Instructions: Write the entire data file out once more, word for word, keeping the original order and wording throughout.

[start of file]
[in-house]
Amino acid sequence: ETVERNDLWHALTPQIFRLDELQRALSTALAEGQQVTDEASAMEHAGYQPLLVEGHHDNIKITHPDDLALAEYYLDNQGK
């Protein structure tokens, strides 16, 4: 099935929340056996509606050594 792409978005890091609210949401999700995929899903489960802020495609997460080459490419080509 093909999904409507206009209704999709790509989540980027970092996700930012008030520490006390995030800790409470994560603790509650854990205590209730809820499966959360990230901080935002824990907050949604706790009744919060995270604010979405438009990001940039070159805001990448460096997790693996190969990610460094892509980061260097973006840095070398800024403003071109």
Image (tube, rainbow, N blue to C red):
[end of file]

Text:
[in-house]
Amino acid sequence: ETVERNDLWHALTPQIFRLDELQRALSTALAEGQQVTDEASAMEHAGYQPLLVEGHHDNIKITHPDDLALAEYYLDNQGK
């Protein structure tokens, strides 16, 4: 099935929340056996509606050594 792409978005890091609210949401999700995929899903489960802020495609997460080459490419080509 093909999904409507206009209704999709790509989540980027970092996700930012008030520490006390995030800790409470994560603790509650854990205590209730809820499966959360990230901080935002824990907050949604706790009744919060995270604010979405438009990001940039070159805001990448460096997790693996190969990610460094892509980061260097973006840095070398800024403003071109």
Image (tube, rainbow, N blue to C red):